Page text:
EU users will be able to unlink their Instagram and Facebook accounts, as well as other Meta services ahead of the bloc’s new Digital Markets Act (DMA) coming into force in March, the company has announced. The changes will apply in the European Union, European Economic Area, and Switzerland, and notifications informing users of the change will appear in the coming weeks.
The changes mean that EU users will be able to use many of Meta’s services without their information being shared between them. People will be able to use Facebook Messenger as a stand-alone service without a Facebook account, for example, and if they’ve previously linked their Facebook and Instagram accounts they’ll be able to unlink them. (Meta’s help page notes that linking accounts like this is used for features like targeting ads, personalizing content recommendations, and sharing posts).
Less data linkage, but also less functionality
Facebook Marketplace and Facebook Gaming users will also be able to use these services without them drawing information from their main Facebook accounts, but in both cases Meta says this will lead to reduced functionality. If you use Marketplace without it using your Facebook information, for example, you’ll have to communicate with buyers and sellers over email rather than Facebook Messenger. Facebook Gaming users will be limited to single-player games if they unlink their Facebook information.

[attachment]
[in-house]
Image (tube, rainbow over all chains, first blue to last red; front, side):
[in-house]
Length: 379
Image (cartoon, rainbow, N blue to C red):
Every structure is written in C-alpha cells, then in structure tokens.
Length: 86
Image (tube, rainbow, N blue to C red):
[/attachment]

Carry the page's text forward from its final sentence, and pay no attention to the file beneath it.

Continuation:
Meta’s news follows a similar announcement from Google, which said earlier this month that it would let users stop the sharing of data between services like Search, Youtube, Google Maps, and Chrome. In both cases the changes are the result of the DMA, which fully takes effect on March 6th. Meta and Google’s holding company Alphabet were among the list of six companies designated as “gatekeepers” under the DMA last September.
Today’s announcement comes after Meta also said in early December that it would no longer let Instagram and Facebook users send messages across services anywhere in the world, although in that case the company didn’t cite the DMA as the reason for the change. In November it also introduced an ad-free paid subscription option for Facebook and Instagram in the EU, citing unspecified regulation changes.
In addition to regulating how gatekeepers can share data between services, the DMA includes a broad range of rules that are designed to improve competition and level the playing field for businesses that rely on gatekeepers to offer their services. Other major changes that are expected in the EU as a result of the DMA include messaging services like WhatsApp and Facebook Messenger being made interoperable with competitors, and Apple being forced to open up iOS to sideloading.